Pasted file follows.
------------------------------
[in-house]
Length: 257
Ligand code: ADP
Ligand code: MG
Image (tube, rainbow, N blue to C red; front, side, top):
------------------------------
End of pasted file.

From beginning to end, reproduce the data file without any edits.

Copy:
[in-house]
Length: 257
Ligand code: ADP
Ligand code: MG
Image (tube, rainbow, N blue to C red; front, side, top):